© Endemic Seed Foragers at Dasyueshan NFRA – Taiwan

on 29th August 2015

“Taiwan- a small island of approx. 36,000 sq. kilometres, surrounded by its waters- geographically helps contain and sustain high percentages of endemic birds; especially ground dwellers in its undulating mountains and valleys. Together with good, effective forest management policies and excellent maintenance, many of its Forest Recreation Areas are well preserved, wild life protected and enjoyed by their citizens and visitors alike.

“There are numerous Non-Government Organisations and volunteering nature loving societies in Taiwan e.g. ‘Society of Wilderness.’ They contribute tremendously to these efforts.

“Dasyueshan National Forest Recreation Area (NFRA) is considered one of best ten birding locations in Taiwan.
Towering between 1800-2996meters, landlocked in Heping District of Taiwan, plant diversity ranging from warm temperate, mixed broadleaf to frigid, coniferous forests provide a haven to wild life- especially birds. No less than 100 bird species have been recorded at Dasyueshan NFRA (top).

“The winding road up 49K to meet ‘Heaven’s Lake’ provides spectacular, scenic views of mountains nearby and forest floors along the way is home to endemic feathered ‘ground jewels (above).’

“Here at mountain top, a grass field ends abruptly into a gorge. A small flock of endemic Taiwan Rosefinches (Carpodacus formosanus) flew onto grass patch and began foraging (above).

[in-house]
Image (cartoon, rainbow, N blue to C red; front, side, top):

“They were all brown looking birds. I later read them to be the females. They were engrossed chewing away grass seeds and shoots (above).

“Behind slope at field edge, a moving red object appeared to be bobbing up and down. ‘Prince’ the charming dimorphic male eventually appeared in resplendent feathering gear of burgundy wine and red rosé colours (above left). In addition to seeds, this high elevation bird was also nibbling at grass roots (above right).

“A single Collared Bush-robin (Tarsiger johnstoniae) made debut; flew in to join the foraging flock of Rosefinches. The rear view defines the name of the bird well- with a contrast of orange collar plumage attached to rear matching pair of shouldered straps (above left). Another image of same showed foraging bird with food in beak -what appeared to look like a stem shoot or possible seed grain (above right).

“Bird-photographers who came from near and far to photograph two endemic Pheasant species at Dasyueshan NFRA were not disappointed.

“A pair of Swinhoe’s Pheasant (Lophura swinhoii) stole the show as they appeared from sloped forests edge on scheduled time. Shy, female bird did a runner across the road upon roar of approaching vehicle. The immature male could not be bothered but was only too pleased and carelessly posed. He was more interested in ‘Pavlov’s breakfast gong’ grains generously scattered on road side (above).

“This opportunity sighting I felt came too early, too easy, thus depriving me that adrenalin rush and heart throb feeling in my head. It was like a stage set up with half dozen and more photographers waiting patiently, hours on end on road side for a ‘Madonna’ celebrity to show up to do her number. In the middle of her act, I walked in…….

“I would prefer to fall on my knees to chance one crossing my trail path, teasing with his titillating tail, giving a ‘come heather look’ and disappearing. That would perhaps entice me to play ‘Hide- and -Seek’ and yearning for more of the ‘jewel of the crown’!